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George Stroumboulopoulos shares favourite songs and memorable drives (CBC)
George Stroumboulopoulos shares favourite songs and memorable drives (CBC)

Road Tunes

Strombo and the art of the motorcycle odyssey Add to ...

In 2006, George Stroumboulopoulos took this 2003 BMW R1150 GS Adventure across the U.S. Ewan McGregor rode the same model around the world in 2004 and documented the trip for the film “Long Way Round.”

Late night talk show host throttled up with blues-rock to score his motorbike trip on a sport-touring machine with spoked rims, beefy forks and a chain-drive system.

Who: Host of George Stroumboulopoulos Tonight and The Strombo Show, which Sunday nights at 8 p.m. ET on CBC Radio 2.

Drives: In the city, he bombs around in a traditional white/blue with orange highlight Suzuki GSX750 and black and green Kawasaki Ninja. On his recent motorcycle trek, he rode a yellow and black bumblebee BMW F800GS.

Most memorable drives:

"This year I rode from Toronto to Los Angeles. I went through Nashville and Memphis, Tennessee, which I love, into the Delta, because I'm a big fan of music. Most of this road trip centred around sites that connected me to songs that my mother used to sing to me growing up; or songs that I love listening to because songs are such a big part of my life. We rode into the Deep South in the Delta, because I love the blues, down to New Orleans, where we paid a visit to the hotel where one of my favourite musicians [Johnny Thunders, guitarist for New York Dolls]died. From New Orleans, we bombed west and went through Texas into Fort Davis, up to Austin, which is a great city for music, and then New Mexico, Arizona, across to California. We went from the south entrance of the Joshua Tree and rode through the entire national forest as the sun was going down, and had a great barbecue dinner at this rib shack I go to whenever I'm in this particular place in the desert."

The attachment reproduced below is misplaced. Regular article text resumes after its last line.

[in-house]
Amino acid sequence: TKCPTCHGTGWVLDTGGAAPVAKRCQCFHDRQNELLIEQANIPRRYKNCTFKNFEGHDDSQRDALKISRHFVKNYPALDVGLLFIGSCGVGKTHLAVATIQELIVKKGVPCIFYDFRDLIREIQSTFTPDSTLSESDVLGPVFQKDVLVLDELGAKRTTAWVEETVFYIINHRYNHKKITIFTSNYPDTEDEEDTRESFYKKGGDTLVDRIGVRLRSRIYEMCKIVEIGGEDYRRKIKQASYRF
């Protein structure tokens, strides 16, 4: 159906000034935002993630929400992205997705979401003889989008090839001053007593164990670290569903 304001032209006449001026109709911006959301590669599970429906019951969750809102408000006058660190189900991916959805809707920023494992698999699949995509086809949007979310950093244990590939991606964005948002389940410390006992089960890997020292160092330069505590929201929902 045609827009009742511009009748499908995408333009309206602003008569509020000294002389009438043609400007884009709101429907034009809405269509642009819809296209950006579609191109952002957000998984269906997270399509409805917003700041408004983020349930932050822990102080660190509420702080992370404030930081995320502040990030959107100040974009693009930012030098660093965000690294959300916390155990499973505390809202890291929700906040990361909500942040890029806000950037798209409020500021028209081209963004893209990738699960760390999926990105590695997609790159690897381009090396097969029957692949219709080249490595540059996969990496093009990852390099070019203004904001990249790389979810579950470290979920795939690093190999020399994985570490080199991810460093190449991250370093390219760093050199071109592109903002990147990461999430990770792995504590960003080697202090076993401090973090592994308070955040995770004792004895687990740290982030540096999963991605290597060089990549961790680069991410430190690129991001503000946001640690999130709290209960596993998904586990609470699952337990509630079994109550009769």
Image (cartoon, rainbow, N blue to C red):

"When I was 21, I drove across Canada in my mother's old car when I got my first radio job in Kelowna, B.C. I remember I needed to get out there, so she said. 'Take my car and go.' I picked up my friend, who had a job in Red Deer, A.B., so we left Toronto and drove all across Canada, and I dropped her off and I kept on going. I had driven to LA when I was 18 in a car that was fun, and I've driven across Canada or the U.S. 10 or 15 times in my life, and I love big road trips, but there was that moment when you first drive across this country and you think 'wow, this is beautiful.' Getting into the interior of British Columbia was incredible."

Five Road Trip Tunes (and two bonus tracks):

(1) You Can't Put Your Arm Around a Memory

"Driving through Louisiana listening to Johnny Thunders' tune was really lovely. He's a rock 'n' roll guitarist, but a lot of it to me is bluesy, and glam-y in its sound."

(2) Joshua Tree

"Rocking to that [U2 album} through the park was incredible."

(3) All Night Long

"In the deep south I was listening to an instrumental by Junior Kimbrough - it's Delta blues - and listening to Junior Kimbrough riding a motorcycle down Highway 61 made everything came together."

(4) Last Caress

"In Virginia I was listening to Metallica's cover of a Misfits song because there are a couple of points you get a little sleepy on the motorcycle, so you unzip the jacket to get some cool air running in, and I was jamming out to heavy early Metallica riding though the hills."

(5) By the Time I Get to Arizona

"Public Enemy's song was really awesome; it's one of my favourite hip-hop songs."

(6) El Paso

"I listened to Marty Robbins in El Paso because my mother used to sing that to me a lot, it's the reason why we went there. This is a ballad."

(7) The Hair Song

"Black Mountain's perfect at high speeds in high heat with a long road ahead."

Only a handful of car names become classics

<b>Mustang</b> - The name is a perfect tag for the car that launched the pony-car era. What better image could there be for a trend-setting sports car than an unbroken horse? The name makes you think of adventure, wide open spaces and wild spirit. As a bonus, there is a clear association with the P-51 Mustang, the coolest fighter plane of World War II. The Mustang name has lived for more than 45 years. Although the car has gone through various iterations, some great, some terrible, the Mustang’s name has never lost its magic.
How and why do car makers choose the names they do? It's a cultural minefield - and for every Cobra, there's a Charade

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